What would make Facebook a huge Google-scale company is the theft of an entirely different meal: television advertising. After all, Facebook shows much more promise as a brand advertising medium than a direct-marketing medium like Google. It needs only to draw a small fraction of the $60 billion or so spent on television advertising, the biggest brand medium, to be enormously successful. But even then, it’s not mainly a Facebook vs. Google contest.

Facebook still needs to answer a big question, however. That’s whether its “social ads,” which incorporate people’s friends in ads in a 21st century version of word-of-mouth marketing, will have nearly the effectiveness in driving attention and ultimately sales as search ads, which appear in direct response to related queries, often involving products people are looking to buy. The potential is intriguing, and there are some nice examples of how well social advertising can work.

But despite Facebook’s considerable work in providing new kinds of metrics on marketing and advertising impact on its users, marketers and agencies aren’t yet universally convinced they need to spend a lot of money on Facebook ads. After all, they can get a lot of mileage out of their free Facebook Pages and Like buttons around the Web. (Not to mention, it remains to be seen whether these ultra-personal ads will cross what blogger Robert Scoble calls the Facebook freaky line.)

Bottom line: If Facebook is to be the Google of the this decade, its advertising has to at least approach the engagement of search ads, especially as Google itself moves to become more of a brand advertising platform with YouTube and continues its push into display ads. While Facebook is building what seems likely to become a great business on anew vision of advertising that could change many decades of tradition,2012 won’t be the year it closes that deal.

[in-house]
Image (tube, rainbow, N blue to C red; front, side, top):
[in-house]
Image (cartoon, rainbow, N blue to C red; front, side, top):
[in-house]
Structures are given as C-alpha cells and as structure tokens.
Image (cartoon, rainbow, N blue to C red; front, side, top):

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Do@ Aims to Disrupt Mobile Search–Including Google

It’s ironic, or maybe apropos, that you can’t find anything about the new mobile search application Do@ by Googling it. Google doesn’t track the @ symbol at all. But the Israeli company (pronounced “do-at”), which launched its free iPhone app today at TechCrunch Disrupt in New York, is looking to do a number on Google. It aims to provide a new way to find stuff specifically when you’re on your phone and the iconic list of site links becomes cumbersome. Instead, a search using Do@ helps you zero in quickly what category of information you want and then sends you directly to the app that’s most likely to have just what you’re looking for.

Here’s how it works: Search for, say, “Bob Marley” using Do@, and you’re presented with a drop-down list with the query followed by categories designated with the @ sign, such as @music (where you’ll see results inside apps such as Pandora or iTunes or SoundCloud) or @movies (where the likes of Flixster or IMBD.com provide results).

These categories are relevant to the particular query, so a search on “sushi,” and you see “sushi @restaurants,” “sushi @food,” and so on. Then when you click on one of those, you’re whisked to an app or service such as Foodspotting or Flixster, which then shows its own mobile-optimized results for that query. You can swipe through multiple apps for a query to get more quickly to just what information you want.

You’re seeing only a selected subset of Web sites and services this way, of course, but for common queries made from a mobile phone, that may be better in most cases than a huge list of links. Do@ ranks the lists of apps and services itself at first, but you can choose your favorites or, if you’re signed into Facebook, get your friends’ amalgamated choices. Essentially, says cofounder Ami Ben David, publishers answer users’ queries themselves, using their own apps or services, their own brands, and their own business models.

The judges at the TechCrunch Disrupt startup competition who viewed the demo questioned how Do@ knows the results it’s presenting–that is, the results inside other apps and services–are actually relevant for users. “We try to stay away from making these decisions for users,” Ben David said. The judges, including Bing’s Barney Pell and Google’s Bradley Horowitz, weren’t really buying this, noting that Do@ needs to objectively determine whether its partner apps and services are actually delivering the goods.